Healthy Bone Support for Women

Healthy Bone Support for Women

Stix Admin
5 minute read

Taking care of your bones as you age helps you stay healthy. What can you do to keep bones as healthy as possible? We’ll discuss diet tips and lifestyle practices that can prevent or slow the deterioration of bone mass that happens naturally over time.   

How do you support bone health?

Your bones provide structure, protect organs, anchor muscles, and store calcium. Bones change continuously, making new bones as older bones break down. This remodeling process naturally slows down as you age, and there’s more bone loss than bone gain. How can you promote bone health for longer and prevent future problems? Taking care of your diet and lifestyle can support your bone health and slow any deterioration that potentially leads to osteoporosis.  

Diet for bone health

Support your bone health by consuming a variety of foods. Eat a mix of fruits, vegetables, carbs, dairy or dairy alternatives, and proteins (all in moderation). Although you have a lot of flexibility when it comes to what you eat and how you prepare the food, it can be helpful to understand how different foods interact with one another. We suggest speaking with your primary care provider or nutritional expert(s) if you’re confused about what combinations of foods pair well while still promoting optimal bone health. These experts may help answer some of your questions.  

Vitamins and minerals for healthy bones

A variety of micronutrients help support bone health. Calcium and vitamin D work well together because vitamin D helps with calcium absorption. In terms of supporting bone health, calcium and vitamin D are considered two of the most important micronutrients. Potassium, magnesium, vitamin C, and vitamin K are nutrients that also help support bone health, preventing issues like osteoporosis. Potassium plays a role in excretion processes helping to reduce calcium loss. Higher amounts of magnesium are associated with greater bone density. Vitamin C and vitamin K are positively correlated with bone mass and bone density, respectively. If you need help finding a nutritional balance that supports bone health, we suggest speaking with your primary care provider or nutritional expert.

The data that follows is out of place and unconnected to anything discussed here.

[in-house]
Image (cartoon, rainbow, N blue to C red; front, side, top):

Healthy recipes for strong bones

You’re most likely offering bone health support if you have a balanced and varied diet. One good Food should be colorful. Eat a mix of dairy, protein, and fruits and vegetables with a variety of colors. Nutrients such as calcium, vitamin D, magnesium, potassium, vitamin C, and vitamin K are more likely to be balanced when you mix things up. When it comes to promoting bone health, you have flexibility in how you prepare your meal. Of course, some foods are more beneficial than others. Foods that contain nutrients vital for bone health include:

  • Dark, leafy greens (for calcium and vitamin K)

  • Sweet potatoes (for magnesium and potassium)

  • Grapefruit and other citrus fruits (for vitamin C)

  • Figs (for calcium, magnesium, and potassium)

  • Fatty fish like salmon (for vitamin D)

  • Dairy and plant-based dairy alternatives (for calcium and vitamin D)

Some extra diet tips

Several factors influence how your body uses the energy it gets from food. Your body’s ability to process certain nutrients can be impacted by what you eat because different nutrients compete for absorption. Bone loss can be a side effect of consuming substances such as salt, alcohol, and caffeine. You might be able to minimize dietary side effects by:

  • Soaking beans before cooking them to reduce phytates (substances that interfere with calcium absorption)

  • Paying attention to how much protein is in your diet (too little can be harmful, but too much can cause calcium loss)

  • Limiting your salt intake (too much can lead to loss of calcium)

  • Limiting alcohol and caffeine 

Lifestyle practices to support bone health

As you age, your bone mass will decrease. Factors that can influence the rate at which bone health deteriorates include: 

  • Sex, size, and age (Smaller women are at higher risk of osteoporosis.)

  • Family history 

  • Hormone levels (Bone loss increases with too much thyroid hormone and too little estrogen.)

  • Conditions including eating disorders (you need the energy produced by food to carry out life processes) 

  • Some medications (including corticosteroids when used long-term)

Tips to support bone health 

You can influence bone health, despite limited control over some factors impacting the health of your bones. Promote optimal bone health by making small adjustments to your lifestyle. Factors such as diet, exercise, and sleep impact your overall well-being. You can try to slow down bone loss by:

  • Increasing the calcium and vitamin D in your diet (pay attention to the Recommended Dietary Allowance)

  • Getting physical activity daily (outside when possible) like walking, biking, or climbing stairs

  • Limiting or avoid substance use (including alcohol)

  • Getting enough sleep (sleep deprivation impacts many natural processes)

  • Asking your primary care provider about bone density testing if you’re concerned about bone health

For more tips about supporting your bone health, consider chatting with your primary care provider and maybe a nutritional expert or two. 

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